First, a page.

One of the paradoxes of this individualistic era is that we long to be unique, but at the same time, the difference terrifies us; it´s evaded and, in the worst cases, it’s marginalized. Andrew Solomon, author of the book “Far from the Tree”, is gay and lived rejection in his own flesh during his childhood. “We live in times of xenophobia”, he says, but despite this crisis of empathy, he believes that compassion flourishes within homes and that “intimacy with difference encourages assimilation.”
It is what he observed in most of the more than 300 families with children radically different from their fathers and mothers that he interviewed for his book. Understanding how they overcame the fear of difference and learned to appreciate the great value of their children -deafs, autistic, schizophrenic, among other cases- can give us guidelines on how to do the same in our society.
Without falling at all in the sentimentality, the stories of both children and fathers and mothers shake. They describe in some overwhelming detail the enormous obstacles they face, but at the same time they propose the central idea that what we see as a disease can often also be an identity. They allow us to appreciate, for example, deafness not as a deficit, but as a true culture, rich in language, ways of life, etc. and they show with admiration the sense of community of numerous groups that offer the possibility of fully living a horizontal identity (that is, an identity radically different from that of their parents).
Impossible not to question the concept of disability. Solomon quotes the case of Deborah, blind from birth, for whom lack of vision is a feature as irrelevant as the length of her hair and who does not understand the enormous relief of her sighted husband when they confirm that her daughter was not born blind. Is it not that the concept of health is merely a convention and that of “capacity” is a tyranny of the majority?
After each case, the underlying question appears: Cure or accept? Correct or celebrate the difference? Should a child born with achondroplasia (a cause of dwarfism) undergo painful bone lengthening treatment to gain a few centimeters, or is it the environment that should accommodate people of short stature? Is the cochlear implant the only way for a deaf person to lead a life as full as that of a listener?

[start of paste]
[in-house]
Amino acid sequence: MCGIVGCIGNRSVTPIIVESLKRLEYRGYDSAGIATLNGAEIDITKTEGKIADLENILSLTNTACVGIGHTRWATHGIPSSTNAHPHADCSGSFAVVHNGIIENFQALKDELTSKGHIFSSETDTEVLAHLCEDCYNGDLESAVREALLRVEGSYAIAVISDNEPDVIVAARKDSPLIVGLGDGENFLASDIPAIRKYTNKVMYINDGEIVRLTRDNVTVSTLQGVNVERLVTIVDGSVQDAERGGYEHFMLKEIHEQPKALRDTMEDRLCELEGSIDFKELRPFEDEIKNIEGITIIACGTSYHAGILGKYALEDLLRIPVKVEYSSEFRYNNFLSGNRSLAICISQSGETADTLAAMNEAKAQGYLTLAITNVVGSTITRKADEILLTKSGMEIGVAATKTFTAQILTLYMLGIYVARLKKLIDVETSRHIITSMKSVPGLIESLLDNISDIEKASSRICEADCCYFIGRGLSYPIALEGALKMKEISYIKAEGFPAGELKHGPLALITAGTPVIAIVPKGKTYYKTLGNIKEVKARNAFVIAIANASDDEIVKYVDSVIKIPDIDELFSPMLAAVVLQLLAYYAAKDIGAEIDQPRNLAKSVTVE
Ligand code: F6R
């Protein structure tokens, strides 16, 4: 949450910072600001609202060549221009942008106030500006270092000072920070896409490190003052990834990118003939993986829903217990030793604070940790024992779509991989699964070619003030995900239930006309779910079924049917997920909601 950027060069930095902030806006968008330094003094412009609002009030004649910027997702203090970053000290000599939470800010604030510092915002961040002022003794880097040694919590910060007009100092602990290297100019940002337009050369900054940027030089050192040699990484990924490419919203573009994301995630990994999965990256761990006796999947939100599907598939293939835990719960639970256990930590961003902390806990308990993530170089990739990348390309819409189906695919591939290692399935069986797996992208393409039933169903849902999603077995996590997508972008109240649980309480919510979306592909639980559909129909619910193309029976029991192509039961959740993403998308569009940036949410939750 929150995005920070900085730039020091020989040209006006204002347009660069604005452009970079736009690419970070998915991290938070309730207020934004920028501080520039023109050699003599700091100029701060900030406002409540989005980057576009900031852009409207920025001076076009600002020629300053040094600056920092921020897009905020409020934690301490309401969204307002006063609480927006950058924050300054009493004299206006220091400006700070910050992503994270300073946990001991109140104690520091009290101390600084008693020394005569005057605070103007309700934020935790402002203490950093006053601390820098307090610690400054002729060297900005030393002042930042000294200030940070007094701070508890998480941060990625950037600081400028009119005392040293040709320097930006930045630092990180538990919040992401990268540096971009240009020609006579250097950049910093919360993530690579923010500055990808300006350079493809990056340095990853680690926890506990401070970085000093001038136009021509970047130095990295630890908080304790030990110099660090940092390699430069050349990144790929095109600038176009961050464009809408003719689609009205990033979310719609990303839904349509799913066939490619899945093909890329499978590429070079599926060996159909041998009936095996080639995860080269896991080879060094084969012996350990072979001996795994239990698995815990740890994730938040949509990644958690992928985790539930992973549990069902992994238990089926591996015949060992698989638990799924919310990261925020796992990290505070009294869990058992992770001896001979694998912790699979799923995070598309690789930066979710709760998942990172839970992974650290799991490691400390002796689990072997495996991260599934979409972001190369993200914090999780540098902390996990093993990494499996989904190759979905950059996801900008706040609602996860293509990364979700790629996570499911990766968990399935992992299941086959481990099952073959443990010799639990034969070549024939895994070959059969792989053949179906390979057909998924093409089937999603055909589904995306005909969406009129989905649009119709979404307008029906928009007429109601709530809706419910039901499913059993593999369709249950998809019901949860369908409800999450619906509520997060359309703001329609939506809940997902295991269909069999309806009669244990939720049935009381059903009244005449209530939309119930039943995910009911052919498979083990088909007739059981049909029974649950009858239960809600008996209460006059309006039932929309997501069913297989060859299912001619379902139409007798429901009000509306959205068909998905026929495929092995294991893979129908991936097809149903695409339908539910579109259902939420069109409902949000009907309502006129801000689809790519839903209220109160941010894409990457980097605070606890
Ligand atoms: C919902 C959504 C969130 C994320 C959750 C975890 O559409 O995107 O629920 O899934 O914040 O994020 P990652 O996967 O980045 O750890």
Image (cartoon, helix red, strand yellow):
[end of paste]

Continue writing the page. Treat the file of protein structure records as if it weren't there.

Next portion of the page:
Solomon’s examples show that there is not a single correct answer and each family will decide according to their convictions and possibilities. Science is moving in the direction of healing and it’s clear that nobody wants to see their child suffer. However, even among those affected, the question arises about the consequences it would have for human wealth if these “cultures” were extinguished. A father of a child with Down syndrome admits that, if he had a magic wand, he would heal his son, so that he would have an easier life. However, the same father adds that the diversity of human beings makes this a better world and “if all people with Down syndrome were cured, it would be a waste.”
Relieving suffering effectively will depend on whether we can distinguish to what extent the origin of pain has to do with a disease of the body/mind or comes from the lack of empathy and acceptance of the environment, or a combination of both.
Insisting, for example, on “correcting” the difference when healing is not an option can be, often, cruel and inconducent. Solomon recalls the painful period in which he himself tried to “cure” his homosexuality, driven by the bullying he suffered throughout his childhood, in circumstances that what could be done was to assume his gay identity. Clear example of a social model of disability, where what needs to be cured is not a disease but the entrenched social prejudices.
In other cases, however, the disease is real and cries out for a cure that does not exist, which adds to the social stigma of mental illnesses that often prevents early intervention that would facilitate inclusion. Solomon quotes dramatic cases of people with schizophrenia; those located at the end of the autistic spectrum or those with severe multiple disabilities, which testify to a touching resilience and a love and admiration of parents for their children that crosses any barrier.
The reality is complex, but wherever we place ourselves between the “disease model” and the “identity model”, at the end of the day the testimonies collected in this book prove that the difference can be accepted, whatever its origin. The key seems to be to change the reference points, in order to respond as the mother of an autistic boy who is asked: “How do you imagine Ben would be if it was normal?”. “Well”, replies the mother, “I think he is normal to himself”.
What is it about:
“Far from the Tree”, by Andrew Solomon (Debate, 2014), brings together more than 300 interviews with families with children with identities radically different from those of their fathers and mothers, who have learned to love and appreciate the difference. It is a celebration of the value of human diversity and a call to inclusion in our society.
Each chapter analyzes a condition thoroughly: deafness; dwarfism; Down’s Syndrome; autism; schizophrenia; severe multiple disability; child prodigies; children product of rape; delinquent children; transgender children.
In July 2018, a documentary with the same name was released, directed by Rachel Dretzin, and co-produced by author Andrew Solomon.